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Rides sweet but is a royal pain to change the oil, which we did earlier this week. Definitely not mechanic friendly.

Look at how nice the lawn looks.

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I bet the sun will set today despite the fog.

 

 

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Human and others. Fall migration has begun. Seguin Island is loaded with Northern Flickers. They are kind of bashful and elude my camera. Here is one sitting on the sunset bench.

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Monarch butterflies are starting to flutter through. I spotted a mink and my siting was confirmed by 3 young men in the know. Apparently it caught its own ferry here,  log, big wave? Some other critter nibbled on my bag of flax meal. The island has been without mice or rodents but at night, once the light is out, the kitchen fills with crickets. I had to go back in and turn on the light last night and had to dodge at least 15 crickets on the floor. Tim insists they ate my flax.  Hmmm.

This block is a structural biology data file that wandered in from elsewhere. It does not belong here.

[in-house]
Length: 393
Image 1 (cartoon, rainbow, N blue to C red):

Fair weather has also brought visitors and it is a delight to share this magical place with others. It brings joy to all who see it, especially us.

The bathtubs are shining by Seguin standards but you might dispute it if I posted a photo so just imagine pristine tubs. Being the good lighthouse keeper’s wife, I also deep, deep cleaned the refrigerator. On Tasmania, I took unusual pleasure in using the old floor waxer to polish up the linoleum.

Sunrise and sunset keeps happening. The sun is setting 18 minutes earlier than when we arrived 2 weeks ago. I can’t speak to the sunrise but I have caught it on at least a couple of occasions. Yesterday was one.